Ben Zimmer: “A Monster Of a Name Has Taken On a Life Of Its Own”

From a Wall Street Journal column by Ben Zimmer headlined “A Monster Of a Name Has Taken On a Life Of Its Own”:

Godzilla, that prehistoric mega-lizard supercharged by nuclear radiation, is stomping its way onto the silver screen yet again. In the 36th installment of the Godzilla franchise, the King of the Monsters is taking on its gigantic counterpart, King Kong. “Godzilla vs. Kong”…

The enduring appeal of Godzilla as a pop-cultural icon is evident from the creature’s name becoming a symbol of gargantuan power, in contexts far removed from monster movies. When the grounded container ship the Ever Given got pulled out of the Suez Canal by supersize tugboats earlier this week, one maritime expert said that the 3,700-ton Alp Guard was “the Godzilla of tugboats.”

“Godzilla” is an Anglicization of the original Japanese name, “Gojira,” from the 1954 movie in which the monster made its debut. Producers from Toho Studios developed the film under the code name “Project G,” for “giant.” Sometime after hiring Ishiro Honda to direct, they hit upon the name “Gojira,” which blends two Japanese words: “gorira” meaning “gorilla” and “kujira” meaning “whale.” The combination conveys the creature’s giant size and its provenance in the depths of the ocean, where it was awakened by atomic bomb tests….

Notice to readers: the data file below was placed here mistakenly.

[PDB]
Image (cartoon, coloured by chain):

For the film’s American release in 1956, Toho Studios chose to transliterate the name as “Godzilla.” The spelling recalled “gorilla,” with the “dz” letter sequence intended to represent the “j” sound in the original Japanese. When it became an American hit, however, the name was reinterpreted in English as a combination of “God” and “zilla.”…

“Godzilla” lumbered in a more metaphorical direction as it got used for other things characterized by gigantic proportions or a frightening disposition. In a 1964 dispatch from the set of his latest movie, Bob Hope was dubbed “Godzilla of the fairways” for his habit of swinging a golf club dangerously close to his co-stars….

A 1995 Boston Globe article revealed that “Bridezilla” was “the name wedding consultants bestow on brides who are particularly difficult and obnoxious.” That appellation got even more attention when the reality television show “Bridezillas” premiered in 2004.

In the wake of “bridezilla” came mashups like “promzilla,” for a high-school girl who goes overboard planning her prom, and “momzilla” for a super-controlling mother. As Stanford University linguist Arnold Zwicky puts it, the “-zilla” suffix now connotes “size, significance, awesomeness or fearsomeness.”

Sometimes those qualities get amplified even further, as when Ford Motors recently teased a new twin-turbo engine nicknamed “Megazilla.” Nearly seven decades after its inception, “Godzilla” keeps rampaging through the English lexicon.

Linguist and lexicographer Ben Zimmer analyzes the origins of words in the news.

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